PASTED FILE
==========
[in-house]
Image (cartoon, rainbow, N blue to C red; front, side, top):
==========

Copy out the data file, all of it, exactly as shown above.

[in-house]
Image (cartoon, rainbow, N blue to C red; front, side, top):